I think it makes me irritable for the same reason that one black person’s flaws seem to be attributed to the whole race.

Just recently, through Daily Kos, I came across Faithful America, which says it “is the largest and fastest-growing online community of Christians putting faith into action for social justice. Our members are sick of sitting by quietly while Jesus’ message of good news is hijacked by the religious right to serve a hateful political agenda. We’re organizing the faithful to challenge such extremism and renew the church’s prophetic role in building a more free and just society.”

What’s one thing you wish non-believers understood about your faith position (and what’s a better word for that—I’m drawing a blank…)?

Read the rest of this entry »

beekmanboysAfter breakfast at the Limestone Mansion in Cherry Valley, NY, the Saturday of Memorial Day weekend, Loretta, the co-owner, asked The Wife and me if we were going to the Sharon Springs Garden Party. We had no idea what the heck she was talking about. In the nearby town of Sharon Springs, there have been events in the spring and fall that the whole town is involved with.

But before hopping into the car, we decided to stroll, first uptown to the library, which was closed because there was a book sale downtown. (These are not great distances; the population of the village was 520 at the 2010 Census.)

No, I DON’T need any more books. Still, in addition to signs for buy different books based on various criteria, they had one that said. “Book bag – $10. Book bag filled with books – $10.” I cannot resist. Got some books for the Daughter. The Wife’s great find was a recipe book of the great inns of the area. I always wanted to read The Hornet’s Nest by Jimmy Carter, the first work of fiction ever published by a U.S president. Somehow, I find myself Read the rest of this entry »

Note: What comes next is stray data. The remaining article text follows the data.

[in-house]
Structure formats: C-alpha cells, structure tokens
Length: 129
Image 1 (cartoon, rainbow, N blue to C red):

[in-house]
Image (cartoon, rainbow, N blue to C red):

pretty-librarian-working-on--11982029My blog in the Times Union local newspaper, with content often reprinted from this blog, or noting stuff of primary local interest, is called Information Without the Bun. Came up with this title in about five minutes when the blog coordinator, Michael Huber, insisted on a name. The title was to evoke two ideas: 1) having the meat without a hamburger bun, and 2) the antithesis of the stuffy, usually female, librarian that shushed people all the time.

Recently, I saw Dustbury link to an interesting article called Unpacking an Erotic Icon: The Sexy Librarian, which got me thinking about that trope. Read the rest of this entry »

One of the fascinating things I’ve observed for a long time is how well – or not – people know each other, even when they see each other on a regular basis. I was reminded of this last month, during a break at church choir rehearsal. I made an offhand remark about the trials of being a librarian. One of the choir members, who’s been there a couple years, said, “But you’re not really a librarian, are you?” And I looked at another choir member, who has been to the office where I work as a librarian, with a mutual puzzlement.